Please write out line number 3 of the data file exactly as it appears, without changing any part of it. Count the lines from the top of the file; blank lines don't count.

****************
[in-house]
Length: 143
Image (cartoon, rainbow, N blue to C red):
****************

Image (cartoon, rainbow, N blue to C red):